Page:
Just as Readline helps you to reuse a previous input line, value
history allows you to use the result of a previous evaluation in
a new expression. When value history is enabled, each evaluation result
is automatically assigned to the next in the sequence of variables
$2, …. You can then use these variables in
scheme@(guile-user)> (iota 10) $1 = (0 1 2 3 4 5 6 7 8 9) scheme@(guile-user)> (apply * (cdr $1)) $2 = 362880 scheme@(guile-user)> (sqrt $2) $3 = 602.3952191045344 scheme@(guile-user)> (cons $2 $1) $4 = (362880 0 1 2 3 4 5 6 7 8 9)
Value history is enabled by default, because Guile’s REPL imports the
(ice-9 history) module. Value history may be turned off or on within the
repl, using the options interface:
scheme@(guile-user)> ,option value-history #f scheme@(guile-user)> 'foo foo scheme@(guile-user)> ,option value-history #t scheme@(guile-user)> 'bar $5 = bar
Note that previously recorded values are still accessible, even if value history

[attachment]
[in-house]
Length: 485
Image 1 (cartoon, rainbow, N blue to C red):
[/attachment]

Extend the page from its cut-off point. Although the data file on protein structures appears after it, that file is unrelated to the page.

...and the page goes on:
is off. In rare cases, these references to past computations can cause Guile to
use too much memory. One may clear these values, possibly enabling garbage
collection, via the
clear-value-history! procedure, described below.
The programmatic interface to value history is in a module:
(use-modules (ice-9 history))
Return true if value history is enabled, or false otherwise.
Turn on value history, if it was off.
Turn off value history, if it was on.
Clear the value history. If the stored values are not captured by some other data structure or closure, they may then be reclaimed by the garbage collector.